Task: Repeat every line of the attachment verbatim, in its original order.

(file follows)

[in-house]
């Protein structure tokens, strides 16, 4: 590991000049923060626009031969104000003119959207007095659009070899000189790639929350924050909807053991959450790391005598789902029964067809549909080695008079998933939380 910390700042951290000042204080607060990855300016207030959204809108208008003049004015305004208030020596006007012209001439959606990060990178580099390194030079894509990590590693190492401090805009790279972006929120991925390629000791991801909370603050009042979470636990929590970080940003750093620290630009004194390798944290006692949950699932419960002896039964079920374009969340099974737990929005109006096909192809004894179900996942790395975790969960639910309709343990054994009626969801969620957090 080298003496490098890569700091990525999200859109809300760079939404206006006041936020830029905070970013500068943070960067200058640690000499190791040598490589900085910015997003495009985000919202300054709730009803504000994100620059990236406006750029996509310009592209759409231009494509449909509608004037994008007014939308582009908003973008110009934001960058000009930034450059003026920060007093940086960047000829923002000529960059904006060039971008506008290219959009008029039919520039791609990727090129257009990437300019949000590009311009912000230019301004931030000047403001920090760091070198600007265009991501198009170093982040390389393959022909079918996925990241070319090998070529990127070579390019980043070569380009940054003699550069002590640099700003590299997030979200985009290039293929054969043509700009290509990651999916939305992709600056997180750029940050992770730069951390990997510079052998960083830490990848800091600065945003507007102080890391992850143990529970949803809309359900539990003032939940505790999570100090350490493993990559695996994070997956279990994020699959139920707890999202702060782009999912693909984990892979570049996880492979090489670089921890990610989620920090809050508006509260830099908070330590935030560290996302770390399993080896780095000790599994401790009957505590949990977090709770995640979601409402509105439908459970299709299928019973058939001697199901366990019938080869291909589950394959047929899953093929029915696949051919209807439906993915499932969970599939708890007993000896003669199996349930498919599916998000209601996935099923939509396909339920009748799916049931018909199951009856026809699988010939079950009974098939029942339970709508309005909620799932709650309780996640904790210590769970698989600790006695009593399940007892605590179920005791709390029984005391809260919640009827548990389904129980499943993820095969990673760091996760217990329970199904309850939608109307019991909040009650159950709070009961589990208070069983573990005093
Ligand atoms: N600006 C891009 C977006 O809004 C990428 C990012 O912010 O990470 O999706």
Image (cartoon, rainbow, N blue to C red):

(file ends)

[in-house]
């Protein structure tokens, strides 16, 4: 590991000049923060626009031969104000003119959207007095659009070899000189790639929350924050909807053991959450790391005598789902029964067809549909080695008079998933939380 910390700042951290000042204080607060990855300016207030959204809108208008003049004015305004208030020596006007012209001439959606990060990178580099390194030079894509990590590693190492401090805009790279972006929120991925390629000791991801909370603050009042979470636990929590970080940003750093620290630009004194390798944290006692949950699932419960002896039964079920374009969340099974737990929005109006096909192809004894179900996942790395975790969960639910309709343990054994009626969801969620957090 080298003496490098890569700091990525999200859109809300760079939404206006006041936020830029905070970013500068943070960067200058640690000499190791040598490589900085910015997003495009985000919202300054709730009803504000994100620059990236406006750029996509310009592209759409231009494509449909509608004037994008007014939308582009908003973008110009934001960058000009930034450059003026920060007093940086960047000829923002000529960059904006060039971008506008290219959009008029039919520039791609990727090129257009990437300019949000590009311009912000230019301004931030000047403001920090760091070198600007265009991501198009170093982040390389393959022909079918996925990241070319090998070529990127070579390019980043070569380009940054003699550069002590640099700003590299997030979200985009290039293929054969043509700009290509990651999916939305992709600056997180750029940050992770730069951390990997510079052998960083830490990848800091600065945003507007102080890391992850143990529970949803809309359900539990003032939940505790999570100090350490493993990559695996994070997956279990994020699959139920707890999202702060782009999912693909984990892979570049996880492979090489670089921890990610989620920090809050508006509260830099908070330590935030560290996302770390399993080896780095000790599994401790009957505590949990977090709770995640979601409402509105439908459970299709299928019973058939001697199901366990019938080869291909589950394959047929899953093929029915696949051919209807439906993915499932969970599939708890007993000896003669199996349930498919599916998000209601996935099923939509396909339920009748799916049931018909199951009856026809699988010939079950009974098939029942339970709508309005909620799932709650309780996640904790210590769970698989600790006695009593399940007892605590179920005791709390029984005391809260919640009827548990389904129980499943993820095969990673760091996760217990329970199904309850939608109307019991909040009650159950709070009961589990208070069983573990005093
Ligand atoms: N600006 C891009 C977006 O809004 C990428 C990012 O912010 O990470 O999706």
Image (cartoon, rainbow, N blue to C red):